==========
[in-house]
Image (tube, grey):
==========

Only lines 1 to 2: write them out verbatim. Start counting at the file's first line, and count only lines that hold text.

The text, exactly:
[in-house]
Image (tube, grey):